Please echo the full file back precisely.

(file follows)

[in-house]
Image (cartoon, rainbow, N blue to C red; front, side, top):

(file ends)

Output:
[in-house]
Image (cartoon, rainbow, N blue to C red; front, side, top):